Or as above when it gets more complicated even if you cannot measure the inductance, if you have a meter that does capacitance you can deduce the surge impedance and therefore the inductance of a line pair from first principles for your own specific layout, rather than rely on a tabulated value that relates to an idealized hairpin inductor geometry where core to core spacing is twice the cable diameter, as that may well not be quite what you have. A measurement done well beats paying for an estimate based on the work of a distant committee.
Like the OSG, it is useful as a first cut cookbook, but not in situations where things are very near the limit, or indeed with non 50Hz or non- sinusoidal waveforms.
All TR 50480 does is scale for groups of conductors from these figures..
For that twin wire layout, as a more general form than the 2:1. for wire diameters 'd' spaced centre to centre by any distance 'D'
the L and C per metre of a line pair are given as (ref)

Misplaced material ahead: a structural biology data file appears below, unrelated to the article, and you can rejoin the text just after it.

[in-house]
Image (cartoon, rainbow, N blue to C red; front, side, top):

Because the geometry factor is the same you can deduce the short circuit inductance from a measurement of open circuit capacitance (or vice versa) and knowledge of the material properties to get the e and u factors.
Mike.
GN 6 is not as helpful as initially anticipated -
See comments from 43:46 onwards for a prime example of it's use 'out in the field'
hah no he does not like it or mince his words does he. Mind you, I'm not afraid of the maths, and I'm inclined to agree with the sentiment.
The problem is that unlike pure copper at ~ 16 milliohms per meter length per mm square, the word 'steel' covers a multitude of different alloys and it's resistance is not predictable without knowing the exact composition. It is typically about ten times more resistive than the same wire diameter in copper but it may be more or less, and is far from exact.
The cable makers are the only folk who actually know for sure what they have used, so if they do not publish it, then a measurement beats 4 aces.
Mike
I do think there is something in the response he quoted from the NICEC though. Sometimes you can overthink it and make it needlessly more complex than is actually required. As a scholarly exercise there is nothing wrong with chasing it down to the last decimal point, but with the practical limitations ever present on the job, it's a different ballgame out in the field.